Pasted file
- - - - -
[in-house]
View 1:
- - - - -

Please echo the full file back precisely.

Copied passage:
[in-house]
View 1: